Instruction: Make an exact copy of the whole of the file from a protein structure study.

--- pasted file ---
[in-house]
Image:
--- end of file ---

[in-house]
Image: